Reviewed: Fender Player Series Stratocaster

Fender Music Australia | fender.com.au | RRP: $1199

It feels like lately the kind folk at the Fender dream factories have decided to smarten up their already spiffy act. Gone are the modern appointments, nay quirks, of the Blacktop and Highway One series. Workhorse American Professional models have well and truly planted themselves in the hearts and minds of players from all walks of life and their classic era builds have those of us with nostalgia on the brain tied up in knots.

What next then for the biggest name in the game? Why not leave no stone unturned, take a trip south of the border and tweak the whole catalogue from the ground up? It’s about time to close the gap between the made-in-Mexico standard riff sticks and the rest of the family. Say hello to the new and improved Player Series Stratocaster.

 

Over the course of the last few years of cleaning up, Fender has gotten very good at identifying its own faults. Standard Series guitars are probably one of their highest sellers, owing mostly to the price point, and it stands to reason that this is where they should look next in order to get that classic Fender sound into as many hands as possible. I’ve always had a lot of time for Mexican builds. With the Corona, California factory mere miles from door-to-door there is no reason why anyone should snub one build in favour of another, aside from the obvious differences in spec sheets and the necessary variation from piece to piece. The Player Series picks a few cherries from their neighbour's tree in order to sweeten its own pie.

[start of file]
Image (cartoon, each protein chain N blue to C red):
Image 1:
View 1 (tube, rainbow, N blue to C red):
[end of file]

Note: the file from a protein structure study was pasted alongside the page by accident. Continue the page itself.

The most obvious improvement by far is the way these things sound. Again, I’ve always had a lot of time for Mexican guitars but as soon as I picked up this aged Malmsteen yellow axe I knew that something had changed. Side by side the old stock has something of a dimmed, sock-over-the-mic dullness that has well and truly been replaced by a light, crispy chime much more akin to an American Standard with Texas Special pickups on board.

 

 

The neck too feels less like an imitation. It arcs gently across a more vintage ‘C’ shape than its predecessor, making for a smoother ride that is as easy on intermediate hands as it is familiar to a more seasoned Strat-ophile. Simply put, it’s Strat-ier than ever before. Twenty-two frets, a two-point anchored tremolo, ‘F’ stamped neck plate on the back of an alder body and some of the choicest, vintage paint jobs you’ve seen, the only thing that reminds you that it's not actually American is the MX at the beginning of the serial number.

 

Fender remind us once again that there’s classic, and there is classic. The improvements they have made to the entry point of their line are just enough to put the Player Series ahead of not only the old Mexican Standard stuff but streets ahead of any pretender to the throne. If this is where the story starts then more and more people than ever are going to be tempted to read on.

Hits and Misses

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Improvements are actually improvements, not just changes for the sake of it

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